Larry DeBoer
Professor of
Agricultural Economics
Purdue University

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Europe Is Caught In-Between

The biggest threat to our economy these days comes from Europe. The Greek government borrowed a lot of money that it cannot repay. If Greece defaults the resulting financial crisis could plunge the world back into recession.

One of the reasons for the crisis is that Europe is caught in-between. European countries aren't independent. But there is no "United States of Europe."

There is a United States of America, so let's make a comparison. Suppose Indiana had made the same bad choices as Greece. Suppose our state ran huge budget deficits and borrowed a great deal of money for no productive purpose. Then one day lenders realize that we can't repay, and they stop renewing our loans.

Very quickly Indiana would stop running a deficit. We would cut spending and lay off workers. We would raise taxes. This would create hardships for taxpayers, public employees and business people who sell products and services to the government.

But Social Security payments would continue. So would Medicare, Medicaid and federal welfare. Our federal safety net would be untouched. This would support our economy and ease our hardships.

There is no European safety net for the people of Greece. Greek pensions and medical care are funded by the Greek government's budget. The budget-balancing threatens people's health care and income security. No wonder there are demonstrations and riots.

Suppose Indiana's economy dropped into recession while the rest of the country was doing fine. Unemployed people in Indiana could leave the state in search of jobs. Unemployment in Indiana would drop, reducing the economic hardships on migrants and remaining residents.

For the most part, the European Union allows free labor movement among its member countries. Unemployed Greeks can migrate to Germany in search of work. But Greeks speak Greek and Germans speak German. The language barrier is one reason that labor mobility in Europe is not what it is in the United States. This is one reason that unemployment in Greece stays high.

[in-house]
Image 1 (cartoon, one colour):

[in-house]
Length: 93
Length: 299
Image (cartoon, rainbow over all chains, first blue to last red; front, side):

Now suppose that Greece was an independent country with its own currency, the drachma. The economic crisis would cause the exchange rate of the drachma to fall, so each dollar would buy more drachmas. This would reduce the cost of visiting Greece. Tourism would boom.

But Greece uses the European euro. So does Germany. Germany is one of the world's biggest exporters. To buy German exports, the world must exchange their own currencies for euros. This keeps the demand for the euro high, so its value stays high. The economic troubles of little Greece don't have much effect on the euro's value. There is no tourism boom in Greece because Germany doesn't need a low-valued euro to sell its exports.

An independent Greece could use monetary policy to stimulate its economy. The Greek central bank could increase the supply of drachmas, reduce interest rates, and encourage borrowing and spending. This would help the economy recover.

There is no Greek monetary policy because there is no drachma. The European Central Bank sets monetary policy for Europe, based on the needs of the entire continent. Greece may be in recession but Germany isn't, and Germany is a much bigger economy. The bank doesn't expand the money supply to match the needs of Greece.

Further, had Greece been independent, lenders would have considered the possibility of drachma exchange devaluation or monetary inflation. Both risks would have discouraged lending to Greece. Lenders wouldn't want to be earning interest in drachma if the currency's value could fall. The scale of the Greek crisis might have been smaller. But Greece has the euro, and lenders knew that Germany wouldn't allow much devaluation or inflation.

The European financial crisis is partly the result of the in-between economic integration of Europe. It's not a United States of Europe. There is no continent-wide safety net, and cultural barriers inhibit labor mobility. Its members aren't independent countries either. They don't have their own currencies so they can't adopt independent exchange or monetary policies.

Europe will have to come up with a plan to prevent a more severe crisis. That may be a step toward more European integration. If the plan breaks down, though, the alternative might be European dis-integration.



Writer: Larry DeBoer
Editor: Cindie Gosnell